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Old 08-11-2009, 06:42 AM   #16
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Originally Posted by darsunt View Post
I am leaning towards getting Redhat.
Red Hat vs. Centos: They are basically the same thing (some names and pictures are different). You probably aren't too worried about the price difference (Centos is free, Red Hat isn't) and you might want the support included with Red Hat.
Personally I think the free support you can get here at LQ is better than the support you can get from Red Hat. Also I find any kind of restrictive license adds problems beyond the direct cost (whatever they do to stop other people from stealing it tends to also stop paying customers from having convenient use of it). If too many people believed that, we wouldn't have Red Hat and then we probably wouldn't have Centos either. But personally I would select Centos. Where I work we have used both and have never renewed Red Hat support on any system where it expired. We just switch to Centos.

We're looking at huge amounts of memory, 48G minimum, plus as huge a swap space as feasible. A professor mention 1 terabyte of space, but I don't know if that is possible. Maybe a swap space can be distributed over a couple of disks.
Ram prices are low enough that 48GB is very affordable. A motherboard that supports 48GB may be less affordable. Many are still limited to 16GB. But 48GB support doesn't mean an absurd price, just that you're not talking a bargain motherboard.
An extra terabyte of disk space is a pretty trivial cost and 64 bit Linux will allow you to configure a terabyte of swap space. But there are very few algorithms for which using a terabyte of swap space would make any sense. If you or your professor are not experts in that topic, you better assume that what you want to run is not one of the few algorithms for which a terabyte of swap makes sense.

It is also possible to map very large data files into your program's address space. In all cases that would work at least as well as using a terabyte of swap space (with a little extra programming effort). In some cases it might work a lot better. But there are still relatively few situations in which an operation on a terabyte of active data will be practical with 48GB of physical ram.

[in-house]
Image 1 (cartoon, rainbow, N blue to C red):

I wonder how slowly the computer will run crunching numbers that are multiple times larger than double precision.
I assume you mean many numbers that are many times larger than double precision. The two issues are separable. How much slower are GMP (GNU Multiple Precision) numbers vs. ordinary doubles. I don't know, but you can test that easily now (for the kind of values you want to work with). You don't need to wait for a 48GB computer. The access pattern to a very lot (terabyte) of data using just a lot (48GB) of physical ram can't be tested without the machine. But if you understand the algorithms it could be estimated.
Old 08-11-2009, 11:01 AM   #17
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We are looking at a Tyan or Intel mobo, they have a few boards with large enough capacity. My choices were restricted to Redhat or ms server 2008 because of compatability issues with the mobo, I want to only use an op system the manufacturer has tested and okayed. I've dropped 2008 because it seems too specialized, some versions are limited to 8G process size, also they are rather expensive.

Yes, both microsoft and redhat are not too helpful with these types of questions.

Centos would be worth a try. Hopefully it won't have any driver issues with the mobo, since it is so similar to Redhat.

I will discuss the swap space issue with the prof. If I can't get away from it I might give it a shot, and if it doesn't work I will reload the op system and reconfigure everything. This project is definitely trial and error, hopefully I can get rid of as much error before hand.

I will try to find out about those algorithms mentioned, and see if I have enough ability to use them. I've been trying to figure out a way to check out how these system specs would work.
Old 08-11-2009, 12:28 PM   #18
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If Red Hat would work with that motherboard, there is no doubt Centos will work, but there is also no significant doubt any recent x86_64 Linux distribution will work.

I forget what exactly ms server 2008 is, but if it works I'd be pretty certain ordinary 64 bit Windows XP would work.


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